TuneUpFitness Blog

Walking: The Gait-Way to Vitality

Comments (45)

I’m going to describe two different people walking, visualize them, and then tell me (feel free to yell out the answer at your computer!) who is younger.

Person 1: head forward, rounded shoulders, and eyes to the ground, Person 1 takes tiny shuffling steps. You hear his feet scraping against the ground with each step, as he doesn’t have the balance, nor the movement in his ankles/feet, to suspend himself on one leg as the other swings forward. Much of his body is rigid as he goes along in this controlled fall forward.

Person 2: Person 2’s head is lifted and you can see the full length of her spine and power from her core. She moves as though propelling herself through space. There is movement through her hips, knees, ankles, and feet. You notice a buoyancy and confidence to her stride as she freely swings her arms and finds the moments of balance as she transfers her weight effortlessly from one foot to the other.

The human gait in action
The human gait in action

If your answer is the infamous YTU “It depends,” you are correct! While Person 1 is what we might visualize as the typical and eventual image as we age, it doesn’t have to be that way! Continuing, or returning to strong biomechanics of walking is not merely a display of your physical vitality; walking (often and well) can help to offset joint degeneration, breaking hips, circulation problems, mental decline, energy loss, and low moods, all of which we usually associate with aging. In this blog we’ll explore some of the physical and mental benefits of walking, and one aspect of what is needed for proper gait biomechanics.

The most obvious physical benefit to walking is the strengthening of your entire body. Swinging your arms and the cross-crawl pattern (opposite arm and leg move at the same time) helps to tone your arms and core muscles with each step. As you can see with the gait pattern in the first image the glutes, quadriceps, hamstrings, plantar flexors, intrinsic feet muscles, and more are all activated through walking. The joints, specifically the cartilage, are “fed” through movement, as synovial fluid (joint nutrition) and oxygen are pumped through the joint through the positive compression that comes with walking. When we don’t move enough it’s almost like starving our joints, and you know how cranky you get when you’re hungry? Well your joints do too.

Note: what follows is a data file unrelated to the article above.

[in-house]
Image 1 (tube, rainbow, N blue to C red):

Perhaps less obvious are the profound effects of walking on bone health and circulation. Brigham and Women’s hospital in Boston found in their study of post-menopausal women, that 30 minutes of daily walking reduced their risk of hip fractures by 40 percent! In another study of post-menopausal women by University of Colorado at Boulder, they found that one or two miles of daily walking lowered blood pressure levels by 11 points and lowered their risk of stroke by 20 percent.

Of course the brain and the body are intimately connected, and walking has massive effects on the mental decline that we tie to aging. “Many people are passively waiting for researchers to find a magic pill that will stop Alzheimer’s. If I told you we have a way of lowering the risk by 60 percent and it was a drug, it would be the most popular drug going.” This “drug” that Norman Doidge, psychiatrist and psychoanalyst, is referring to is walking! Your hippocampus (responsible for converting short term memories into long term memory) actually grows new cells and becomes larger (Mayo Clinic study) from walking. Doidge explains that to understand why walking elicits such a response by the brain, we can look to our ancestors. “When did animals such as ourselves walk? It was usually when we had to leave the existing environment because of predators or to find food. We had to go to a new environment and, when we got there, we had to explore and learn all about it. The brain may have adapted to anticipate that when an animal goes on a long walk, it will be entering a new environment that it will explore and learn about – hence the brain forms new cells for that task.”

So the question remains: what are the proper biomechanics of gait and how can we help ourselves walk often and vigorously enough to reap all of these benefits? Check back on Friday to learn about the foundation of gait: your feet, and enjoy a great video that will help with the mobility, awareness, and function of your feet and balance.

Enjoyed this article? Read Walking from Philly…to Los Angeles


Comments (45)

Leave a Reply

Your email address will not be published. Required fields are marked *